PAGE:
Machine learning will be bigger than anything people are expecting in the future, predicts Vinod Khosla of Khosla Ventures. Many jobs will be affected in majors ways by this technology, if not completely eliminated.
“I think the impact of machine learning on society will be larger than the impact of mobile on society,” Khosla said Tuesday, during a fireside chat with Vator CEO Bambi Francisco at the Post-Seed venture capital conference in San Francisco.
That impact will be widespread, said Khosla. “Almost any area I look at, machine learning will have a large impact.”
That machine learning–the ability for computers to learn to recognize things or complete tasks without specific programming allowing them to do so–is a transformative technology is generally accepted. But Khosla said he thinks the technology will have ramifications far beyond our expectations as it develops.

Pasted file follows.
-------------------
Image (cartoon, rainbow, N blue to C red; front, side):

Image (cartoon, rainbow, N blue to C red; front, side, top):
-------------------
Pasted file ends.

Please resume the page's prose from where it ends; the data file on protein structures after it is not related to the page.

On the one hand, the technology reflects a massive opportunity for entrepreneurs and investors. On the other hand, he said, “essentially machine learning will replace most jobs.”
Some jobs won’t disappear, but they will be transformed. By way of example, Khosla estimated that 80 percent of what doctors do can be automated with technology–but noted that there’s still the emotional component of the doctor-patient relationship that plays a significant role in the medical profession.
The big problem, he said, will be the impact of machine learning and automation technology on income inequality. “I personally believe we will have to do something about income inequality,” said Khosla. “What that is–whether that’s redistribution (of income), or something else–is a more complicated question.”
The investor shared one specific prediction for how machine learning will impact the world in the next 10 to 15 years: Driverless car technology will wipe out public transportation. This is especially likely if driverless Ubers or something similar hit the streets, said Khosla.
Considering Uber pool rides already cost only around $6 each, rides in autonomous Uber will cost less than tickets for public buses, he reasoned. It’s “very likely,” Khosla said, that “we might see the death of all public transportation or most public transportation. That’s not something anyone is talking about.”